Tone in fiction is the attitude of the narrator or viewpoint character toward story events and other characters. In a story with first-person POV, tone can also be the narrator’s attitude toward the reader.
In non-fiction, tone is the writer’s attitude toward subject matter and reader. So the writer might come across as a know-it-all or a blowhard or as humble or solicitous.
We’re all familiar with a mother’s words to her mouthy son—Don’t you take that tone with me, young man.
The viewpoint character’s perception of and reaction to sights, sounds, odors, touch, and taste add to tone.
Reactions and Demeanor
How does the narrator or viewpoint character come across? How does he respond to story events and revelations?
Is he desperate, upbeat, dismissive? Is he clueless or callous or indifferent?
Tone can change over the course of a story, as the viewpoint character grows or changes, but every scene should have a tone, a feel, that’s generated by the attitude of the viewpoint character, and that could hold fairly steady for much of the story. That is, until events start shaking up the character.
A story as a whole will also have a tone, a particular feel.
Use tone to differentiate scenes between viewpoint characters. So while Irving’s attitude is whiney, Pete’s can be overbearing. Use word choices and the unique events and story elements that each character focuses on to play up the different tones.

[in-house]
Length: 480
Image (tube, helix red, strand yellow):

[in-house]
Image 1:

A long list of tones (attitude), but by no means an exhaustive one—
Mood is what the reader feels while reading a scene or story. It’s not the reader’s emotions, but the atmosphere (the vibe) of a scene or story. It’s what the reader reads or feels or notices. Not all readers would necessarily report the same mood from a scene, although the writer does hope to achieve a particular feel common to every reader.
Mood can be expressed in terms such as dark, light, rushed, suspenseful, heavy, lighthearted, chaotic, and laid-back.
The mood of each scene can differ from that of the scene before, but you will want some consistency. Yet, as the story approaches the climax, the intensity levels should change.
Keep in mind that mood has to change for a reason and that something must happen even to provoke an intensity change. Something must be different to make sense of any mood change, whether the change is from mood to mood or level to level.
This change can be a physical event or a character’s sudden recognition of the meaning of an earlier event or another character’s remark.
If you’ve got several story threads or subplots featuring different viewpoint characters, the mood could switch each time you move from one subplot to the other.